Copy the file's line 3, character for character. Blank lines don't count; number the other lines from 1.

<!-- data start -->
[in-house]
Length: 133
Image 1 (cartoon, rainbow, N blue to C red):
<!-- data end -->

Image 1 (cartoon, rainbow, N blue to C red):